What should a new (and not so experienced) GM watch out for when starting to run a game set in Charles Stross's Laundry universe? Note that all this could be applied to a Call Of Cthulhu game as well but that the focus here is the Laundry RPG. This is linked to the GM pitfalls and setting up a new campaign questions but those are more generic.
closed as not a real question by edgerunner, Pat Ludwig Mar 8 '12 at 19:55
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I'd say that it's important to remember a few things about the source material of Lovecraft:
- Abominations tend to drive people insane, and sanity is valuable.
- Few encounters actually are physical conflict; it's usually a conflict of players investigating their environment and beginning to find hints of things beyond mortal knowledge.
- Lovecraft sort of advocates a "heard and not seen" attitude to horror; we rarely see Cthulhu directly, but if we did we would have a lot of foreshadowing, clues, and paraphernalia beforehand, even if we couldn't necessarily escape as it were.
- Combat, like Vatine said, should be very likely to cause serious injury; when a weapon comes it out there's a good chance of people dying or being maimed.
- Insanity is a great plot device; if you've ever played Vampire the Masquerade you've probably seen how a good Malkavian (basically insane vampires) really makes things both funny and frightening at the same time, and half of Lovecraft's non-protagonists are raving mad (looking at things such as Call of Cthulhu and the Dunwich Horror, or more specifically The Shadow over Innsmouth), you see that there's a lot of "mere mortals" with incidental contact who are ranting and raving insane but still deal with the protagonists other than to just kill them, namely people like Zadok Allen who are in too deep to get out but retain just enough sanity to know things are bad.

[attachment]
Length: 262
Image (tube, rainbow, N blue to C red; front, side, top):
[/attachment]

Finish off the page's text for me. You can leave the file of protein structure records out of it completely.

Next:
The game's very lethal by default - remind the players to set up wards and defensive bindings. If they're tooled up, they've tougher than Call of Cthulhu characters.
"Going Down To Dunwich", in the core rulebook, is explicitly designed as an intro, and runs the players through the basics of the setting. I'd run that before jumping onto Black Bag Jobs.
Combat tends to cause death or severe injury. Do not rely on shoot-outs to keep things tense, this is a horror game rather than an action game. However, this doesn't mean that the game has to be devoid of action elements, just be aware that you may end up with one or more PCs fewer than you started the encounter with...